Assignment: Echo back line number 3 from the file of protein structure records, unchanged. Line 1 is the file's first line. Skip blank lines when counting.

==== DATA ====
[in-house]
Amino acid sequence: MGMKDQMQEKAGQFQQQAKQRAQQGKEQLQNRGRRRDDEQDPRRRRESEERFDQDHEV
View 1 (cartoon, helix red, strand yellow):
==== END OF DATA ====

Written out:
View 1 (cartoon, helix red, strand yellow):